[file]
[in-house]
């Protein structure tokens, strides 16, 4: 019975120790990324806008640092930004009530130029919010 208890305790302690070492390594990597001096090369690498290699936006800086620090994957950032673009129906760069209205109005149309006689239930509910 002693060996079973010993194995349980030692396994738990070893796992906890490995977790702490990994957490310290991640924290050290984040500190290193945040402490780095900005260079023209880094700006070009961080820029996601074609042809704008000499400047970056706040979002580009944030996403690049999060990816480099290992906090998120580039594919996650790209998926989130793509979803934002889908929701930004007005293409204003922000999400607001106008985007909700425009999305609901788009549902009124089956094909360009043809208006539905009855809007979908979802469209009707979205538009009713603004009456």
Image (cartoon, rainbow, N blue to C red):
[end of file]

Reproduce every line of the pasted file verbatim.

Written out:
[in-house]
């Protein structure tokens, strides 16, 4: 019975120790990324806008640092930004009530130029919010 208890305790302690070492390594990597001096090369690498290699936006800086620090994957950032673009129906760069209205109005149309006689239930509910 002693060996079973010993194995349980030692396994738990070893796992906890490995977790702490990994957490310290991640924290050290984040500190290193945040402490780095900005260079023209880094700006070009961080820029996601074609042809704008000499400047970056706040979002580009944030996403690049999060990816480099290992906090998120580039594919996650790209998926989130793509979803934002889908929701930004007005293409204003922000999400607001106008985007909700425009999305609901788009549902009124089956094909360009043809208006539905009855809007979908979802469209009707979205538009009713603004009456």
Image (cartoon, rainbow, N blue to C red):